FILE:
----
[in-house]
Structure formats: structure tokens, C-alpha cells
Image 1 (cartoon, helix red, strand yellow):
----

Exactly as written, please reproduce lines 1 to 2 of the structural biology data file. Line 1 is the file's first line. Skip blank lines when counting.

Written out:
[in-house]
Structure formats: structure tokens, C-alpha cells